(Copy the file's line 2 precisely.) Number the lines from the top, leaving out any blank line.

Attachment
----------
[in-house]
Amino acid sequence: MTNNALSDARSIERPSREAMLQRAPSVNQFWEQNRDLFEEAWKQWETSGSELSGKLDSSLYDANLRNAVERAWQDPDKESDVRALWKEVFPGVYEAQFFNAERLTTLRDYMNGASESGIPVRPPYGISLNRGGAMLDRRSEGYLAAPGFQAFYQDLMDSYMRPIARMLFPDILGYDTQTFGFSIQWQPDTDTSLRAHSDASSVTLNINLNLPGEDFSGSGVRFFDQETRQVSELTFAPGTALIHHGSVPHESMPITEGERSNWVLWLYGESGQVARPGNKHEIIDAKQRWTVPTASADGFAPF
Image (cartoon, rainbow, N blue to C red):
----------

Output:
Amino acid sequence: MTNNALSDARSIERPSREAMLQRAPSVNQFWEQNRDLFEEAWKQWETSGSELSGKLDSSLYDANLRNAVERAWQDPDKESDVRALWKEVFPGVYEAQFFNAERLTTLRDYMNGASESGIPVRPPYGISLNRGGAMLDRRSEGYLAAPGFQAFYQDLMDSYMRPIARMLFPDILGYDTQTFGFSIQWQPDTDTSLRAHSDASSVTLNINLNLPGEDFSGSGVRFFDQETRQVSELTFAPGTALIHHGSVPHESMPITEGERSNWVLWLYGESGQVARPGNKHEIIDAKQRWTVPTASADGFAPF